W.F.Pasveer and his team have performed a charge density - voltage experiment on two hole-only devices NRS-PPV and OC1C10-PPV. The various dimensional considerations taken for the samples can be seen in the graph and they have used indium tin oxide & evaporated gold contact as top and bottom electrodes. The experimental and theoretical result can be clearly observed in the graph, the symbols in the graph represent the experimental values and the lines represent the theoretical values of current versus voltage result obtained at various temperatures.

We observed an excellent agreement between the experimental and theoretical results. The huge effect of density dependence of mobility was clearly visible from the graph. W.F.Pasveer assured the experiment by calculating the carrier density and electric field distribution in the hole-type device by considering three different situations: (a) dependency of mobility on temperature, charge carrier density & field (full line); (b) dependency of mobility without electric field (Dashed lines); (c) mobility without dependency of charge carrier density and electric field (dotted lines).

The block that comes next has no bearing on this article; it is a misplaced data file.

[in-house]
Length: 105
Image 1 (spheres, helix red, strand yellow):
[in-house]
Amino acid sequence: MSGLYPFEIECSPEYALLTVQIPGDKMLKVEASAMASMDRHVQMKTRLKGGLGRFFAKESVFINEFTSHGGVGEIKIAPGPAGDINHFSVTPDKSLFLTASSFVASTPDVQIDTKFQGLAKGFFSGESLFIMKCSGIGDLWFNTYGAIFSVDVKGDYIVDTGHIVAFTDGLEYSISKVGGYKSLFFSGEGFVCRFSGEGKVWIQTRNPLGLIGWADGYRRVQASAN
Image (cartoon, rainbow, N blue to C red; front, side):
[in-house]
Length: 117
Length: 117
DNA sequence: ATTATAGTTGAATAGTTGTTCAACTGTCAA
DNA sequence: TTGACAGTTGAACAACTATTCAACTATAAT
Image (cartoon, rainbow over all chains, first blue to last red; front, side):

These results shows that for a correct description of charge carrier injection, transport & recombination the effect of both charge carrier density and field are need to be accounted. Though this reading obtained was for low carrier density and high electric field but the effect of high carrier density and low electric field is also need to be considered for the interpretation of time of flight measurements, which was done in the previous work by P.W.M.Blom and M.C.J.M. Vissenberg.

Though they have obtained some positive conclusion for the experiment but there were some consequences for the internal field distribution and density of charge carriers for both signs in the devices like LEDs and FETs. Furthermore larger values of width of the Gaussian energy distribution and typical hopping distance were found. However we also need to replace the hopping problem in a polymer by using an isotropic hopping model on a regular lattice.